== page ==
Annual Health Checks for Women

Women should be encouraged to have an annual general health check-up to discuss medical history and lifestyle choices and to detect early signs of diseases and enable early interventions when possible.

Many health conditions, including cardiovascular disease, diabetes, and cancer, are associated with better health outcomes if they are diagnosed and treated early in the course of the disease.

Female patient undergoing mammography test in hospital. Image Credit: GagliardiImages / Shutterstock

Female patient undergoing mammography test in hospital. Image Credit: GagliardiImages / Shutterstock

Physical examination

Excess weight is a significant risk factor for many health conditions such as cardiovascular disease and diabetes.

Body mass index (BMI) and waist circumference are two important measurements that help to identify patients at risk of developing health conditions as a result of being overweight or obese.

Skin checks to assess for any changes such as the appearance of new spots or spots that have recently changed color or shape should also be carried out. This can be indicative of skin cancer and should be investigated further.

Cardiovascular health

Heart disease is the leading cause of death for both women and men. Annual health checks should include monitoring for early signs of heart disease such as:

  • Blood pressure checks: every two years for all women over the age of 18 and more frequently for women at risk of heart disease (e.g. personal or family history of heart disease, post-menopausal age)
  • Blood tests: checking cholesterol and triglyceride levels at least every five years for women over the age of 45, and more often for women at risk of heart disease (e.g. personal or family history of heart disease, post-menopausal age)

Diabetes risk

Diabetes is a health condition that commonly affects women, particularly those over the age of 45.

Fasting blood sugar level test is a screening test that measures the concentration of glucose in the blood after fasting and helps to identify patients with or at risk of diabetes.

This test should be carried out in women every one to three years, depending on the individual risk profile, according to age, BMI, medical history, and ethnicity.

Ocular health

Eyesight also tends to worsen as women get older and eye conditions such as glaucoma are more likely to affect women over the age of 40.

Eye health checks should be carried out regularly in women from this age onward, or earlier for women with a high risk of the condition.

Women with increased risk of eye conditions include those with a family history of eye disease and those who have are health conditions such diabetes, hypertension, or frequent migraines.

Eye health checks should be done at least biannually for women over the age of 50 and annually for those over 65 years.

Sexual and reproductive health

There are several sexual and reproductive health checks for women that should be carried out on a regular basis.

A pap smear is recommended every two years for all women over the age of 20 who have ever had sex, until the age of 70. This screening test is useful to detect early signs of cervical cancer, which can often be prevented with adequate treatment. This test is indicated for all women, regardless of if they have had the human papillomavirus (HPV) vaccine, which can help prevent cervical cancer.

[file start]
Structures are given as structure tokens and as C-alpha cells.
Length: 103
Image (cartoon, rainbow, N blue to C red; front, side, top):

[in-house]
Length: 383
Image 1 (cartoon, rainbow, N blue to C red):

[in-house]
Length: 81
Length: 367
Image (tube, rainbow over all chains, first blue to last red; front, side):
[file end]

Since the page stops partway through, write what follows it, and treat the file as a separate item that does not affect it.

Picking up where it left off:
Screening for sexually transmitted infections (STIs) such as chlamydia and gonorrhea is recommended for every woman who is sexually active with multiple partners without using a condom.

This is particularly important for women under the age of 30, who are more likely to be engaging in unprotected sex with multiple partners.

Bone density

A bone density test is a good indicator of bone health and the probability that a woman will be affected by osteoporosis.

This test may be performed for individuals with a family history or previous medical history of osteoporosis, but is not usually carried out as a routine test.

Breast cancer

Women should be encouraged to perform self-checks of their breast to monitor for any changes or the development of lumps in the area. If they notice any changes, they should seek further medical advice to investigate the cause.

As the risk of breast cancer increases with age, regular screening for breast cancer with a mammogram is recommended for all women over the age of 50.

This should be done at least every two years and more often for women with a family history of the condition.

Bowel cancer

Bowel cancer is common in both men and women and can be screened for with a fecal occult blood test, which detects the presence of blood in the feces.

A positive test result should be followed by further investigations to confirm or reject the presence of bowel cancer, which can cause this symptom. This should be carried out biannually for all women over the age of 50.

Frequency of tests

The frequency of these health checks will depend on the age and specific risk factors of the woman. Many will not need to be carried out until the woman reaches a certain age, although some individual with higher risk will require early screening.

Annual health checks including a physical examination and consultation are recommended for all women, and the specific tests required each year could be discussed at this time.

Reviewed by Susha Cheriyedath, MSc

References

Further Reading

Last Updated: Jul 3, 2017

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